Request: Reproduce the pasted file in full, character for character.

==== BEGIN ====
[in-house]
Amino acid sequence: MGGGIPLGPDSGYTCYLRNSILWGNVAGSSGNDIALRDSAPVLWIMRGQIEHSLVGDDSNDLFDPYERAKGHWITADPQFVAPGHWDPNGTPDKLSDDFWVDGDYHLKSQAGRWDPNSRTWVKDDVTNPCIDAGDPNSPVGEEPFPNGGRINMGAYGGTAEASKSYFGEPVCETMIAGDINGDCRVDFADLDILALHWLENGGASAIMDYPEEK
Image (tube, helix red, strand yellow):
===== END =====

[in-house]
Amino acid sequence: MGGGIPLGPDSGYTCYLRNSILWGNVAGSSGNDIALRDSAPVLWIMRGQIEHSLVGDDSNDLFDPYERAKGHWITADPQFVAPGHWDPNGTPDKLSDDFWVDGDYHLKSQAGRWDPNSRTWVKDDVTNPCIDAGDPNSPVGEEPFPNGGRINMGAYGGTAEASKSYFGEPVCETMIAGDINGDCRVDFADLDILALHWLENGGASAIMDYPEEK
Image (tube, helix red, strand yellow):